Don't let the terrible title fool you. The Meddler is a total delight that gives romantic comedies a good name again.
Susan Sarandon plays Marnie, the titular overbearing mom. Recently widowed, she moves from New York to Los Angeles to be closer to her daughter Lori (Rose Byrne). When Lori tells her to back off, she starts finding ways to invest in the lives of everyone around her, from Lori's friend Jillian (Cecily Strong) to a kind Apple Store employee (Jerrod Carmichael).
Of course, all these random acts of kindness are only a way to cope with her deep loneliness. And while the film excels as a comedy, it's far deeper than its trailers reveal.
That's not surprising, considering The Meddler is written and directed by Lorene Scafaria. She's responsible for one of my favorite movies of the decade: the similarly melancholy Seeking a Friend for the End of the World. This is another rewarding film with fully realized characters who have honest-to-God conversations with each other.
Late in the picture, Marnie meets an ex-cop (JK Simmons, who might be filling in for Sam Elliott given how much he looks and sounds like him here) who woos her sweetly, despite her hesitation. This is where the movie really sings, because most movies would rush this relationship or add more pratfalls, but her reluctance isn't just there for conflict. It's true to her character, as flawed as she is.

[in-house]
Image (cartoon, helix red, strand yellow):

Even five years ago, this would be getting a wide release. But we live in an age where studios aren't invested in delivering smart, modestly budgeted, well-made movies for adults. But at least someone's still making them. As the onslaught of big summer blockbusters comes our way, don't overlook gems like this one.